P.S. GARLIC ZOOM UPDATE: See Jody in action–“It’s adorable!”– here.
Israeli Couscous with Red Snapper and Preserved lemon
- ¼ cup + 1 tablespoon extra virgin olive oil
- 1 small onion, minced
- 6 cloves garlic, crushed
- Kosher salt and freshly ground black pepper
- 1 teaspoon caraway seeds
- 1 teaspoon coriander seeds
- 1 teaspoon cumin seeds
- 2 tablespoons paprika
- 2 teaspoons smoked paprika
- 2 tablespoons tomato paste
- 3 dried tomato halves, sliced and soaked in ¾ cup warm water for 30 minutes
- 2 cups warm fish, chicken, vegetable stock or water
- 1 cup Israeli couscous, uncooked
- 1 pound fish fillets, skin slashed with ½-inch cuts
- ½ of a preserved lemon, pith removed and skin cut into ¼-inch dice
- 12 large green olives, pitted and chopped
- 1 small hot pepper, thinly sliced
- 1/3 cup cilantro leaves
- Preheat the oven to 350°.
- Heat ¼ cup extra virgin olive oil in a large saute pan over medium heat. Add the onions and garlic, season with salt and pepper, cover with parchment or a lid, and cook 8 minutes, or until tender.
- Pulverize the caraway, coriander and cumin seeds with a mortar and pestle or spice grinder. If you’re opted for powdered versions of the seeds, use a scant teaspoon of each. Stir the spice mixture and both paprikas into the onions and cook 1 minute. Add the tomato paste, the sun-dried tomato halves and their soaking liquid, and then cook until everything has reduced to a loose chunky paste, about 10 minutes. (See the photos.) Puree in a food processor or blender.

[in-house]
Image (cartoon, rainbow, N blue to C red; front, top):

- Meanwhile, toss the couscous in an ovenproof dish with 1 teaspoon oil and bake in the oven until toasty, about 5 minutes.
- Mix half the pepper puree into the warm stock or water. Pour over the couscous, season with salt and mix well. Cover with a circle of parchment and bake 25 minutes. The couscous should be done and the mixture a little soupy. Remove from the oven.
- Turn the oven to broil.
- Mix the preserved lemon, olives and sliced hot pepper in a small bowl with the remaining olive oil. Sprinkle half this mixture over the couscous.
- Season the fish with salt. Divide the remaining pepper puree in half. Brush the flesh side of the snapper with one half of the pepper puree. Place the fish skin-side up over the couscous (the side with the pepper puree faces down). Brush the exposed skin side with the rest of the pepper puree. Sprinkle with remaining olive mixture.
- Broil on a rack in the center of the oven–not close to the broiler or the surface of the fish will cook too fast, burning before the interior finishes. Cook until the skin is crispy and the fish is slightly under done, about 6 minutes. (Pull it out and poke inside, if you’re in doubt.) Let rest 5 minutes.
- Serve topped with cilantro leaves.
Izhar, husband of my good friend and former Rialto pastry chef Tal Schetjer, arrived at the Rialto doorstep last week with a bag of treats–Israeli couscous or ptitim, a big box of Medjoul dates, and date-honey syrup that I haven’t tried yet. He’s a musician who used to teach at Berekley School of Music and is touring and performing around the country. They now lives in Israel with their girls. Tal is a talented pastry chef with a huge warm heart. I’m delighted that they have remained in our lives from the other side of the world.
I only used half the onion shown in the picture since it was so big, and in the end I added more olives to the recipe–I thought it needed it. I added more olives. As you can see in the photos, I put the pepper puree directly on the couscous and then added the stock rather than mixing the puree and stock together as I recommend in the recipe before pouring them over the couscous. I was using a homemade fish stock and I wanted to make sure no stray pieces of fish bone made it into the couscous. The advantage of doing it the way I suggest (and not as I do) is that it doesn’t splatter all over the place as you try to stir it evenly into the couscous.